England’s National Parks are no longer fit for purpose. Even before the climate emergency, their lack of naturalness is impeding attempts to halt declining biodiversity, but now there is a real urgency to renew thinking towards our 10 National Parks. We need a new version for our National Parks; a version 2.0.
England’s National Parks are an embarrassment for anyone who cares for nature, a sign of our failure to protect the natural world, and a sad corroboration of culture defeating strategy
The National Parks of England include iconic landscapes, loved by everyone for their beauty. They are also working landscapes, managed by farmers and estate owners for raising livestock or for shooting. Sadly, many of these traditional approaches to land management are becoming increasingly outdated, and have led directly to land which is seriously depleted of nature. Our national parks should be the jewels in our crown, but let’s not beat about the bush here, overall they are an embarrassment for anyone who cares for nature, a sign of our failure to protect the natural world, and a sad corroboration of culture defeating strategy. I say overall, as there are many good examples of valuable work being done, so my comment is a strategic one, aimed at National Park Authorities and central government. Now you can take action, by signing a petition (see below).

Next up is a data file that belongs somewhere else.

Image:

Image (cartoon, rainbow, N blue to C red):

Rather than proposing new national parks, Government’s priority should be rewilding those we already have (even if only in name, not in nature).
Why do we need wilder National Parks?
- Nature is badly depleted in our national parks. In England’s national parks, three-quarters of Sites of Special Scientific Interest are in a poor condition and often in a worse state than elsewhere.
- Many National Parks have less tree cover than nearby major cities (see below).
- The UK is ranked 189th out of 218 countries for its quality of nature.
- 56% of our species are in decline and 15% threatened with extinction.
- England’s national parks are extremely valuable, but the threats of declining nature and the climate emergency are outpacing us.